2) Excess Sugar Makes You Remember Less

Remember those stress hormones? There’s another effect they have.

Cortisol, the main stress hormone that’s affected by sugar, is tied to another important part of professional performance: your memory. Ever feel like your brain’s leaking information? Like you can’t stay on top of the things that need to get done?

Don’t blame getting older — that’s not the most likely culprit. It may well be an overabundance of sugar that’s raising cortisol levels and stopping you from remembering things.

That may not be just short-term, either. The link between sugar and memory is well-documented, but there are tenuous links to degenerative conditions like Alzheimer’s disease as well. “Sugar can make the brain miss things or lose them,” says Dr. Avena.

“If you’re having trouble on the job, consider cutting back or cutting out the sugar. It will help you stay on top of things.”

3) Excess Sugar Slows Down Your Brain

Have you ever dealt with times where your brain just feels incredibly slow?

Like you’re having to think through a thick fog? There are other reasons that can contribute to this (sleep being an obvious and regular one), but sugar can contribute, too.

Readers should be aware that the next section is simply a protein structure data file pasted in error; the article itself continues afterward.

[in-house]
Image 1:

“Poor blood sugar control is one of the biggest contributors to brain fog, especially for people who deal with sugar crashes,” Dr. Avena says. “When you have a lot of refined sugar at once, your blood sugar level spikes, then crashes, causing that mix of irritability, scatterbrains and lack of focus we often call ‘brain fog.’”

4) Excess Sugar Worsens Anxiety and Depression

Anxiety and depression are killers when it comes to professional performance, sapping motivation and throwing up roadblocks to even the most mundane tasks. And sugar is a direct contributor.

“Sugar really affects your mood,” Dr. Avena notes.

“It’s most noticeable in teenagers and young people, but it’s the same for older people too. And chronically high blood sugar can affect neural pathways long-term in ways that don’t wear off, causing more chronic mental health issues.”